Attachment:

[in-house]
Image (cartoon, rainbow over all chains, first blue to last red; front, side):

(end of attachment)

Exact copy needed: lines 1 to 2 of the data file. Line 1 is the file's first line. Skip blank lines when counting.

[in-house]
Image (cartoon, rainbow over all chains, first blue to last red; front, side):